Political science is almost 90 percent writing. There are multiple types of writing requirements needed for political science. Case study reviews are multiple page papers that are full of mainly factual evidence that support a certain idea. Most of the time a case study is over a single situation that is not common in the everyday world. This means that an extraordinary claim requires extraordinary evidence. Another type of writing in political science is research papers. Research papers are the most common type of writing in political science. This is because political science is a living major. It changes along with the world, so you always need to keep up to date with what is going on. The final type of writing in political science is persuasive essays. The only times persuasive essays are useful in political science are when it is needed to take one side of an argument and prove your point. This happens a lot in pre law but not so much in political science. Because it happens a lot in pre law and law programs political science majors are introduced to writing them in their major courses. Criminology and political science are very similar majors. The writing required in both majors is almost identical. There will be a lot of reflecting on current events in the Criminal Justice world, and doing a lot of research papers. Criminal Justice students are required to write reports, review scholarly journals and articles, term papers, and literature reviews. The only piece or writing that is different between Political Science and Criminal Justice majors is current event reviews. The papers on current events are fairly straightforward. Any current event you can think of whether it is in news, radio, or in print form can be broken down and brought into simplest terms. Writing is one of the most important things that will be required of you in these majors.
[Contributors: Chris Katt, Stefan Jatindranath, Kurt Osgood]

Non-Traditional Research and Writing

There any many non-traditional means of the communication of political science related information. Examples of some of these alternative mediums are blogs, wikis, videos, and forums.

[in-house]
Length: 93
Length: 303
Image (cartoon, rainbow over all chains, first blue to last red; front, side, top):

Blogging is a very popular method for communicating ideas. A popular Political science blog is called the monkey cage. It is called this because of the famous quote by H.L. Mencken where he says, “Democracy is the art of running the circus from the monkey cage.” The latest blog post was an argument about the “one percent” theory. Another hot spot in the blogging world is Science Blogs. Science Blogs is unlike the monkey cage because it contains blogs on all areas of science from chemistry to political science. This is very helpful though when to majors cross over to one another. Being a social science some political science ideas combined with psychology ideas making this website a very easy and effective way to communicate.
Listsevs are emails that allow the sender to send one message to an entire list of subscribers. This is every helpful because it they can keep you up do date on the new information happening in your field.
H-teachpol Listserv
PSRT-L Listserv
+Other types of Non-Traditional writing and research
More great examples of non-traditional forms of
communication between the people of the law enforcement and criminal justice community. Most of
the contributors to these pages are police officers, but there are also some corrections officers, and
sometimes a couple of lawyers, judges, etc.

Fraternal Order of Police Blog
The Fraternal Order of Police is a very similar to a union organization for a group of factory workers.
The F.O.P is a fairly large group of police officers from across the United States who discusses
current events happening in the world of law enforcement amongst each other.

Motor Cop Blog
MotorCop is an online blog for police officers. This site is more specifically intended for law